Ford R. Myers is a nationally-
Step Three: Networking: The Core of Your Search
One of the keys to managing your career effectively is to build and maintain a strong
and diverse network. This step provides the information you'll need to learn how
to cultivate this often-
1. Use your Contact List to focus on specific people to contact every day.
2. Build rapport.
3. State “where you’ve been” professionally, by using your oral “Positioning Statement.”
4. Share “what happened” to your last position, by using an oral “Departure Statement.”
5. Ask for help.
6. “Decompress” – take the pressure off – assure them that you are not asking for a job.
7. Ask again for help – i.e., expanding your contact network, and asking for guidance, advice, feedback.
Step Four: Interviewing for Success
Interviewing can best be described as two-
This step takes the mystery – and the anxiety – out of job interviewing, from first contact to job offer. Examples include:
1. Learning how to effectively answer the tough questions.
2. Maintaining a proper attitude.
3. Clearly expressing your relevant accomplishments.
4. Asking informed questions.
5. Deflecting the salary issue.
6. Demonstrating your value.
7. Managing the process.
8. Implementing appropriate follow-
Step Five: Salary Negotiations: The Rules of the Game
Why is it that people have such a difficult time successfully negotiating their compensation? The reason we can't or won't negotiate is not because we're incapable of doing this, but because we just don't know how! This very practical, "real world" step focuses on mastering the rules of the negotiation game – a game that can actually be fun, as well as financially rewarding!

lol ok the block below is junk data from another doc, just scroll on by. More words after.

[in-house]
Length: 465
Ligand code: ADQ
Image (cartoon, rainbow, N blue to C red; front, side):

As with any other game, you have to know the rules in order to win! Here are 21 critical rules you must know to play “the game” of compensation negotiation successfully:
1. Do extensive salary research, preparation and practice beforehand.
2. Defer salary discussions until an offer seems imminent.
3. Discuss salary only with the person who has the authority to negotiate the salary and hire you.
4. Get the employer to state a salary figure or range first.
5. Wait until an actual offer is on the table before negotiating.
6. Discuss salary only after you have fully described your relevant accomplishments.
7. Know your strategy before attending the negotiation meeting.
8. Always negotiate the offer, no matter how good it seems initially.
9. Finalize the salary first, before negotiating other items such as benefits.
10. Never misrepresent your former salary.
11. Don’t confuse salary with the full compensation package.
12. Avoid tying your potential salary to your old salary.
13. Use silence as one of your most powerful negotiating tools.
14. “Fit” is more important than financial compensation.
15. Leverage one offer against other offers if possible.
16. Be patient and disciplined throughout the process.
17. You don't get what you deserve, you get what you negotiate.
18. Never accept or reject an offer on the spot – do a thorough analysis.
19. You can only win at negotiation if you’re willing to “walk away.”
20. Be sure the compensation package you finally accept is a “win-
21. Maintain a positive, upbeat attitude and enjoy the “game!”
When implemented in a unified and comprehensive manner, this 5-
Ford Myers was interviewed on Big Blend Radio about his New Year New Career plan. To listen to the interview, please click here to use the mp3 file.